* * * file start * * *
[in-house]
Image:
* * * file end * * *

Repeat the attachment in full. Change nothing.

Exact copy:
[in-house]
Image: